YOSEMITE, California — "Speeding kills bears."
That's the message a ranger at Yosemite National Park shared on Facebook after responding to a call about a bear that was hit and killed by a car.
This call started out like any other, the ranger recalled. They recounted how they would grab their equipment, head out to the spot where the bear was hit and move its body away from the road.
"Sadly, it's become routine," the ranger wrote.
The ranger said they think the crash happened around noon, with the call coming in at 4 p.m. Then the drive to the location would take about an hour, the ranger said.
"My job here is easy, really: find the bear, move its body far away from the road to prevent any other animals from getting hit while scavenging on it, fill out a report, and collect samples and measurements for research."
After that, the ranger said they will be back on their way with another number of bear and car collisions to add to their data.
The ranger talks about what it was like when they reached the coordinates that day. They scanned the road for clues to lead them to the bear's body. That's when they spotted a piece of a car that had broken off. From there they said they looked down the embankment and saw the bear — a cub.
The ranger said it couldn't have been more than six months old.
After a moment of taking in the scene, the ranger said they got to work, picked up the cub and started carrying it into the woods. The ranger said they had no destination in mind, but was walking far enough away from the road they could no longer hear cars passing by.
"I see a grassy spot surrounded by a semi-ring of down logs and gravitate towards it. The least I can do is find it a nice place to be laid. I lay it down in the grass protected by one of the nearby logs and sit back on the log opposite of it, slightly relieved that it looks far more in place now than when I found it earlier. I take another moment and then continue with my work."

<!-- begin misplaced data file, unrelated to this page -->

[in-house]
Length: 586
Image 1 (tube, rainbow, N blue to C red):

After finding a place to set the cub down, the ranger said they started their assessment.
While taking notes on the cub, the ranger said they heard a stick break and see another bear looking at them as they work.
The ranger said they were surprised and try to get the bear to run away from them. It works and the bear wanders away.
"A few silent minutes pass, and I settle back into my task. Timely coincidence, I think at first. It could be a bear coming to scavenge or this could be a common crossing area for whatever reason—we did have another bear hit and killed not far from here last week."
Then it happened.
The ranger said the moment that changes their perspective came when they heard a deep-toned but soft-sounding grunt.
"I immediately know what it is. It’s a vocalization, the kind sows (female bears) make to call to their cubs."
The ranger said they turned around and see the same bear from before staring at them.
"It’s no coincidence. I can feel the callousness drain from my body. This bear is the mom, and she never left her cub."
It had been about six hours since the cub had been killed and its mom had not given up on it.
"I can just imagine how many times she darted back and forth on that road in attempts to wake it. It's extremely lucky that she wasn't hit as well."
The ranger said the bear's calls to its cub continue and get more and more pained each time. They said they found themselves hoping the cub would respond too, but there was nothing.
"Now here I am, standing between a grieving mother and her child. I feel like a monster."
The ranger then packed their bags and started to get out of there. However, they said their work was not finished.
They set up a remote camera to snap photos of the situation. They said it was a way to paint a picture of the numbers they report on every year.
The ranger ended the post with this message for park visitors:
"So please, remember this. Remember that when traveling through Yosemite, we are all just visitors in the home of countless animals and it is up to us to follow the rules that protect them. Go the speed limit, drive alertly, and look out for wildlife. Protecting Yosemite’s black bears is something we can all do."
You can learn more about car and bear collisions at Yosemite National Park here.
Here in the Sunshine State, the Florida Fish and Wildlife Commission reports cars crashing into bears are responsible for 90-percent of known bear deaths.
FWC said bears in the state cross busy roads while searching for food, water and even mates.
FWC lists ways the state is working to reduce bear collisions on its website.
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